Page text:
This summer's grassroots effort in Eliot, Maine, against a nearby coal plant isn't a new local concern, says Sierra Club activist Kim Richards, who has been leading the fight.
"I have been living in Eliot almost my entire life," she says, "and people here in town have been concerned about the potential negatives effects of living so close to the plant essentially ever since it began operations in 1949."
Eliot is on the downwind receiving end of pollution from the Schiller coal plant just over the state line in Portsmouth, New Hampshire. So two years ago, Kim and other Sierra Club volunteers and organizers decided to bring the fight back to Big Coal. Earlier this summer, Eliot activists organized their neighbors to get the town's Board of Selectmen to lead public hearings and hold a town vote on sending a Good Neighbor petition to the EPA. Despite the coal plant's public relations efforts, more than 60 percent of the town's citizens recently voted in favor of petitioning the EPA.
Kim's leadership proved key in getting the petition passed. "It's worth pausing to note that this story is yet another example of the true power of local, grassroots organizing to overcome wealthy private interests," says Sierra Club Maine Chapter Director Glen Brand.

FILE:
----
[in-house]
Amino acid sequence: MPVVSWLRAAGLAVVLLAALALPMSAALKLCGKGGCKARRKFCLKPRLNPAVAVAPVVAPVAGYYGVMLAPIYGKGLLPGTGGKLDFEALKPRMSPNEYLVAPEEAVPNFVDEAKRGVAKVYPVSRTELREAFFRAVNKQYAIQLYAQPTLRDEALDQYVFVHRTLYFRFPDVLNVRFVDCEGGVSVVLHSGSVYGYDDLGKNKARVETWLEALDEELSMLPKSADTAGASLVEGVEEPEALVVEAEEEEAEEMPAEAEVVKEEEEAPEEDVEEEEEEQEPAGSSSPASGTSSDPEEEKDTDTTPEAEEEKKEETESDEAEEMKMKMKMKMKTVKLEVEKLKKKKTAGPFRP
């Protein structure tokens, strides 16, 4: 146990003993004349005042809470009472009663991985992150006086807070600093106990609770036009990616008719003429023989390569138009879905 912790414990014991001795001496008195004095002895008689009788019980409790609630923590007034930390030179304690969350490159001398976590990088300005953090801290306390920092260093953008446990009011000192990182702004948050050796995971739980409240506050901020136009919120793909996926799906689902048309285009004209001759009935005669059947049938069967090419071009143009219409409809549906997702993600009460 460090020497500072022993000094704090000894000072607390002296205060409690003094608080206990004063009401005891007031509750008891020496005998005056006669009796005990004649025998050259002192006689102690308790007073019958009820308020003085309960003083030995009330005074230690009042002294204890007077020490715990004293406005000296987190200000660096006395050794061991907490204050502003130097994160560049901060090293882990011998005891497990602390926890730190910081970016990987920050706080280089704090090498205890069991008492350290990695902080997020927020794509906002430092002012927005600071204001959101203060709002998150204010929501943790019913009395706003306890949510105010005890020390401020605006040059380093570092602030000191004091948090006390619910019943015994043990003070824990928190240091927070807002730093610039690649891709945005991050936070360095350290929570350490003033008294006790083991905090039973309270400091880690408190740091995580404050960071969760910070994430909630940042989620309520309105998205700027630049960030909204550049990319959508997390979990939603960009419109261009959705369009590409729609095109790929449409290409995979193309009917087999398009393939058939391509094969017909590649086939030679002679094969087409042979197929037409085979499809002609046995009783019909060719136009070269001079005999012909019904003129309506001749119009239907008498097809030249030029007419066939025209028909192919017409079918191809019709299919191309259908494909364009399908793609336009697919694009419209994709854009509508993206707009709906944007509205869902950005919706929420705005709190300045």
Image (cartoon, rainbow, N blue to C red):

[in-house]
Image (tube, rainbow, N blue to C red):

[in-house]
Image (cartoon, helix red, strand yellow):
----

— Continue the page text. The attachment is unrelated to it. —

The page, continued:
Kim's activism was spurred on by the "black sooty film" that builds up on homes and cars in south Eliot -- something locals have endured for decades. Schiller at one point even paid for certain homes to be re-painted. But it wasn't until Kim began researching the impacts of coal two years ago that she took action.
"I was trying to see if there was any connection between Schiller and the alarming number of cancer cases in our areas, particularly from my parents' generation," she says. "That's when I found an article about the air modeling report that was commissioned by the Sierra Club's New Hampshire Chapter that described the activities of Schiller as being the cause of our polluted air -- namely high emissions of sulfur dioxide."